Transportation Secretary Ray LaHood pauses during daily news briefing at the White House in Washington, Thursday, July, 28, 2011. LaHood urged lawmakers to pass a bill to put the Federal Aviation Administration (FAA) back in business. (AP Photo/Pablo Martinez Monsivais) WASHINGTON (AP)—On the surface, the partial shutdown of the Federal Aviation Administration is about whether to cut $16 million in air service subsidies, a pretty small amount in this town. Underneath are layers upon layers of political gamesmanship that, at its heart, is about whether Democrats or Republicans get to call the shots in Congress. The immediate price is high. Already, 4,000 FAA employees have been furloughed, more than 200 construction projects have been halted and an estimated 70,000 other private-sector workers affected. Air traffic controllers and safety inspectors remain on the job because the agency still has money from another pool of funds to pay them. The government has been losing about $30 million a day in uncollected airline ticket taxes since the shutdown began on July 23, when FAA’s operating authority expired. If it’s not resolved until after Congress returns from its August recess in early September, lost revenue will tally about $1.2 billion. The political stakes are even higher. Democrats complain that Republicans, by manufacturing crisis after crisis, are trying to force them to accept painful policies that haven’t been negotiated through normal legislative processes. Earlier this year, it was the prospect of a government shutdown over tax breaks for higher-income Americans. More recently it was a potential default on the government’s financial obligations. Now it’s a continued shutdown of the FAA unless Democrats accept the air service subsidy cuts. “This is becoming a very disturbing pattern: A small, uncompromising group, feeling the righteousness of their cause, hurt tens of thousands of innocent people and takes them hostage until they get their complete way,” Sen. Chuck Schumer, D-N.Y., said. “These debates should not be determined by which side is willing to take the most casualties.”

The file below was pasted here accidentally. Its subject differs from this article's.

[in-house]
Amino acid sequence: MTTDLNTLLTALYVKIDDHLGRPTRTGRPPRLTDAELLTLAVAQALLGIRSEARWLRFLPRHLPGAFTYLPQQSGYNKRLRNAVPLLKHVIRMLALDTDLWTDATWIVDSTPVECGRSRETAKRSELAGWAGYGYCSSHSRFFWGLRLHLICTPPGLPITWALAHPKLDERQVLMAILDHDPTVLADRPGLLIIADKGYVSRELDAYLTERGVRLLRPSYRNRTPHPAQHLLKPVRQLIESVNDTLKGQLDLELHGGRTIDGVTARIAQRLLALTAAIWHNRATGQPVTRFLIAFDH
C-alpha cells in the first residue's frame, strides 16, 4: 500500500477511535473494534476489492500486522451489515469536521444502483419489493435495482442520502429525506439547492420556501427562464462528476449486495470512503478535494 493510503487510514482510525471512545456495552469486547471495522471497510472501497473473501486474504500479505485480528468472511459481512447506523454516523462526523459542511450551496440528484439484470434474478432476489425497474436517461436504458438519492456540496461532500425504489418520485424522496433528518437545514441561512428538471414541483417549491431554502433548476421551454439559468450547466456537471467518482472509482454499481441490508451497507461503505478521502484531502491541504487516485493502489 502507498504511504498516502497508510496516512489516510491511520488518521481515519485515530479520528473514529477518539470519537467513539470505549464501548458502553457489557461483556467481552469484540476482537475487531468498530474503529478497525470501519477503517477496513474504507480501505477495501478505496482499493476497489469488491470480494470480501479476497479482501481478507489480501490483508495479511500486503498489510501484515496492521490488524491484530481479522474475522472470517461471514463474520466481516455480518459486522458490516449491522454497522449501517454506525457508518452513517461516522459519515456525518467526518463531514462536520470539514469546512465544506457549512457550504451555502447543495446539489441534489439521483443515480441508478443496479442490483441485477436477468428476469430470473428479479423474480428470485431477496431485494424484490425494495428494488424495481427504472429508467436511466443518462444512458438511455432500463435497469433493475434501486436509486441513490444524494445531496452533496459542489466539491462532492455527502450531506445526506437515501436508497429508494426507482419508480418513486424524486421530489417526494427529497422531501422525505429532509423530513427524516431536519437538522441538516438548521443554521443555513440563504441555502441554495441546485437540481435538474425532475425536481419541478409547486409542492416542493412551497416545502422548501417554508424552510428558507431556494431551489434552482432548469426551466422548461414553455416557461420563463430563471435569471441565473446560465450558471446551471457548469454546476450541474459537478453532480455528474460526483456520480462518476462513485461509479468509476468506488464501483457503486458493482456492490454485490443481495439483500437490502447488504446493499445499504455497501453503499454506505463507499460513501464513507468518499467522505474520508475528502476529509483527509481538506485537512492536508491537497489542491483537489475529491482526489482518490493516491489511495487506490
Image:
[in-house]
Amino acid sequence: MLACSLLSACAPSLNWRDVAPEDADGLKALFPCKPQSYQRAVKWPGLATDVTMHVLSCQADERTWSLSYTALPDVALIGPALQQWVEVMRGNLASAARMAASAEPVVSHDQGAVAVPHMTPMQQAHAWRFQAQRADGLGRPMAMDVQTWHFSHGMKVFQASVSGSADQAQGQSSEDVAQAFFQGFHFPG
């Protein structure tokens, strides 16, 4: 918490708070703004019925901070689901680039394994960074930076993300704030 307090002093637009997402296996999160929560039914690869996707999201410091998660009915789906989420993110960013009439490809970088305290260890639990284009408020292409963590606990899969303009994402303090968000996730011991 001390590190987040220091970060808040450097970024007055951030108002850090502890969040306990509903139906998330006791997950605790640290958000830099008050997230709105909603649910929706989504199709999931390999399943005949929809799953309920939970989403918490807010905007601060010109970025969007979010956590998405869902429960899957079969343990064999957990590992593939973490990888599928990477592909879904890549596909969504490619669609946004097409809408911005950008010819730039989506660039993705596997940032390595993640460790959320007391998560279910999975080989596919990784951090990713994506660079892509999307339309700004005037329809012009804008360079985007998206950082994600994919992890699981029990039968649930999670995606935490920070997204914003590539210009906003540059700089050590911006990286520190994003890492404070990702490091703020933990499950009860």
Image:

The most politically difficult issue involves a labor provision in the House long-term bill. Republicans want to overturn a National Mediation Board rule approved last year that allows airline and railroad employees to form a union by a simple majority of those voting. Under the old rule, workers who didn’t vote were treated as “no” votes. Democrats and union officials say the change puts airline and railroad elections under the same democratic rules required for unionizing all other companies. But Republicans say the new rule reverses 75 years of precedent to favor labor unions. The GOP labor provision has the backing of the airline industry. The biggest beneficiary would be Delta Air Lines, the largest carrier whose workers aren’t primarily union members. Last month, in comments to the House Rules Committee and separately to reporters, Mica said the labor provision was the only issue standing in the way of the House and Senate reaching an agreement on a long-term FAA bill. He said Senate Majority Leader Harry Reid, D-Nev., has refused to negotiate with Republicans on the issue. “There is only one issue—have I not been clear? It’s up to Mr. Reid,” Mica told the committee. He added that including the subsidy cuts to the extension bill “forces the Senate’s hand to act.”
Furloughed Federal Aviation Administration (FAA) employee Ralph Randall, right, speaks during a news conference on Capitol Hill in Washington Wednesday, July 27, 2011, calling for a clean FAA reauthorization bill to get more FAA employees and construction workers back to work. (AP Photo/Jose Luis Magana) One of the communities that would lose subsidized service is Morgantown, W.Va., in the home state of Democratic Sen. Jay Rockefeller, who, as transportation committee chairman, is Mica’s Senate counterpart. Reid and Sen. Max Baucus, D-Mont., chairman of the Senate Finance Committee, which handles the tax aspects of the bills, also have communities on the list. Besides Morgantown, the cities on the list are Athens, Ga.; Glendive, Mont.; Alamogordo, N.M.; Ely, Nev.; Jamestown, N.Y.; Bradford, Pa.; Hagerstown, Md.; Jonesboro, Ark.; Johnstown, Pa.; Franklin/Oil City, Pa.; Lancaster, Pa.; and Jackson, Tenn. “Yes, I did work with our leadership to find some pressure points to get leverage on the (long-term) bill,” Mica told the AP. “I didn’t ask for a lot.” Sen. Kay Bailey Hutchison of Texas, the senior Senate GOP negotiator on the FAA bill, called Mica’s inclusion of the subsidy cuts in the extension bill a “procedural hand grenade.” It has been House Republicans who have refused to negotiate with the Senate unless Democrats agreed to concessions on the labor issue, Hutchison said. The House bill was approved on July 20 by a mostly party-line vote. Senate Democrats have introduced their own FAA extension bill with no strings attached, but Republicans have repeatedly blocked votes on the measure. Democrats have responded in kind, blocking votes on the House-passed bill containing the subsidy cuts. A few days ago, House Speaker John Boehner, R-Ohio, indicated to Democrats that he’d be willing to accept their extension bill without the subsidy cuts in exchange for concessions on the labor issue, but Democrats refused the offer, Rockefeller said. Boehner didn’t respond to a request for comment.
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